In the midst of back to school season, college planning is on the minds of millions. High school juniors and seniors are applying to college (or thinking about it) and freshmen are waking up to the reality of 8 AM classes.
If you have someone in your life who’s applying to college, or who’s undecided on a major, check this out. A recent post from 538 has some great insight into the importance of college planning and picking a major.
The link between education and earnings is notoriously fraught, with cause and effect often difficult to disentangle. But a look at detailed data on college graduates by major reveals some clear messages: Don’t be pre-med if you aren’t planning to go to medical school; don’t assume that all “STEM” — science, technology, engineering and math — majors are the same; and if you study drama, be prepared to wait tables.
For all the recent skepticism about the value of a college education, a bachelor’s degree is still “worth it” on average. In fact, according to a recent analysis by economists at the Federal Reserve Bank of New York, the average value of a college degree is near an all-time high, even factoring in rising tuitions.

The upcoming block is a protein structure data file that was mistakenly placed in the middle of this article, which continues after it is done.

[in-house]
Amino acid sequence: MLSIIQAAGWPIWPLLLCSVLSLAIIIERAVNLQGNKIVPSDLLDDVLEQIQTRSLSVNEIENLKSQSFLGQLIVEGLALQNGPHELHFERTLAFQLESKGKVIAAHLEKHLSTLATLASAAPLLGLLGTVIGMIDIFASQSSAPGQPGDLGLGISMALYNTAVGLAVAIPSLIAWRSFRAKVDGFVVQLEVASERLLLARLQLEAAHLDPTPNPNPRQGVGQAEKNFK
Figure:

Engineering majors hold 8 of the 10 highest earning slots, with humanities and arts majors tending to fill out the less lucrative end. However, one point to note is just how low-ranking one of the most popular majors today, Psychology, is. 3 psychology fields are among the 4 lowest paying majors.
538 indicates that while unemployment has been easing up, many graduates are finding themselves underemployed – working jobs that don’t require a degree.
Guidance in picking a major is something that a lot of young students could use. It’s especially relevant considering the state of the economy and the reality of student loan debt. Financial institutions can step up to help college students get a better understanding of the realities of the working world. If they can provide the info students need to make this really important choice, they can earn a customer for life.
College Planning and Financial Literacy: How Much Do Teens Know?
In the past we’ve covered the financial know-how of teens who will soon be off to college. The results? Teens are just “baseline proficient”. This proves to be a tough term to qualify. Moreover, we’re only talking about an average, so some are below the baseline and some are above. One thing’s for sure, teens know just enough to be dangerous.
Financial institutions should leverage their position to help young people make the best decisions possible. In grasping the social responsibility of financial education, FIs stand to benefit greatly. If you help a customer save money and avoid a mistake, they’ll stick with you through thick and thin.